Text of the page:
Take a ferocious live band playing swing music, mix in jazz and a liberal sprinkling of house, and then drop it into a club. That’s something approaching the Caravan Palace experience. With an armoury of bass-heavy and flapper-friendly dancefloor classics, this Paris-based band is as innovative as they are lively.

Although established figures on the electro swing scene, it’s taken a while for this seven-piece to breakthrough into mainstream acceptance. Their eponymous debut album grabbed a respectable home-grown fan-base for the band, which gave them a solid foundation over the next seven years. Now they sell out venues on both sides of the Atlantic and have just put in a characteristically upbeat performance on ‘Later… with Jools Holland’. Having the time and freedom to develop is a certainly a good thing. “We were lucky enough to be able to widen our audience while the genre ‘conquered’ the ears of many countries around the world,” says Hugues Payen, the band’s violin player and vocalist. “We always had partners who understood it was necessary to have a long-term view with the project. And now, we can thank them!” It’s time well spent. Their brand of punchy Charleston-house is as compelling as anything you’d find in modern dance music. Familiar already to revellers at White Mink, Secret Garden Party, Wilderness and Boomtown Fair, everywhere they visit is crammed with fancy dress outfits, wildly enthusiastic fans and frantic dancing.

Keeping the music sounding fresh has been a concern across the years. “We’ll still listen to a lot of music, and maybe try new ways of working, with more features or covers, or… it’s a surprise, even for us!” Musically, Kendrick Lamar, ASAP Rocky and even Kanye West and Rihanna provide influences. Hip-hop seems to be what’s currently offering innovative sounds for the band to embrace, as is future bass. These genres’ powerful, but minimalist, styles of arrangement are driving the band in new creative directions.

Probably not the first act to produce electro swing, Caravan Palace stood out more than their peers by being a proper live band. This meant they offered something tangible to audiences. They could play almost everywhere, like festivals, venues and nightclubs, with a real show. Payen is still uncertain about exactly what draws so many people to the electro-swing sound though. “It seems that the innocence and spontaneity it exudes make it a real alive and dynamic style, jubilant in its way. The genre also includes so many different musical aspects which I think increases its appeal!” Packed with swooping brass, frantic percussion and tantalising piano melodies, there’s plenty going on to get your feet moving in any Caravan Palace song, especially if nostalgic rhythms and massive beats are your thing. From the roaring twenties to a modern day underground movement, via 90s warehouse parties, their sound acts like a checklist of the best things in dance music.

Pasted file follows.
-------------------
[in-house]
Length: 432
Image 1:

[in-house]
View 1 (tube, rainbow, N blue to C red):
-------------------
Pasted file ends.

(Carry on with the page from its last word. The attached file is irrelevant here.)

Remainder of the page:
Released in October, the third Caravan Palace album ‘<I°_°I>’(or ‘Robot Face’ as it’s more conveniently and popularly known) shows a new side to the band. Traditionally the third album proves the most arduous, both to write and produce. But it seems ‘Robot Face’ didn’t fall prey to these customary creative difficulties. “If we had to compare, we’d say that the most difficult was the previous one ‘Panic’. The making of the third album was full of surprises and questioning in a positive way. You can probably hear it!” Obviously their musical tastes have changed since they formed in 2005. This third album introduces an expanded sonic palette, partly from necessity to keep their unique sound vibrant and partly through their love of musical innovation. It retains that animated retro-edge which flows through everything they do, yet sounds far more refined and effortless. As a work, it’s something you’ll happily listen to in its entirety over and over again.

I had a vision of the band immersing themselves in classic 20s Parisian culture, like the work of Dalí, Man Ray, Buñuel, Cole Porter, F. Scott Fitzgerald and Hemingway, whilst relaxing. The reality is not quite so romantic… “We’re whole bunch of geeks wasting hours on Facebook and forums! Of course we have seen a lot of (classic) dance and music movies. It was totally ‘melted’ in the movies then. Just have a look at the cinematography of Cab Calloway or The Andrews Sisters!”

Being a French band and French being a somewhat romantic-sounding language, surprisingly all of their lyrics are In English. It seems their mother tongue is not so good for what they do. “There’s no interest in singing ‘ooh la la’ or whatever if it doesn’t swing, and let’s be realistic, French doesn’t really ‘swing’. It’s a very demanding language, and many wonderful authors before us forbid us to use it poorly, for we’re not authors, just musicians.” He points out Caravan Palace’s music doesn’t deal with philosophical, political or aesthetic subjects. It’s all about love, jealousy, dance, and sometimes death, and English offers plenty of relevant terms and innuendo. “It’s a very reachable vocabulary for us!”

 

Caravan Palace play Concorde 2 on Mon 14 Dec.

Their album ‘<|°_°|>’ is available now, via Wagram

 

www.caravanpalace.com